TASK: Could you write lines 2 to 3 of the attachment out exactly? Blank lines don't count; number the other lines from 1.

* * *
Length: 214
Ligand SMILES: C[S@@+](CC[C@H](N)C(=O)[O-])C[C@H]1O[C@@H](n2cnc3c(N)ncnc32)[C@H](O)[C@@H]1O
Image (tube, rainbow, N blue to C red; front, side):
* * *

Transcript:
Ligand SMILES: C[S@@+](CC[C@H](N)C(=O)[O-])C[C@H]1O[C@@H](n2cnc3c(N)ncnc32)[C@H](O)[C@@H]1O
Image (tube, rainbow, N blue to C red; front, side):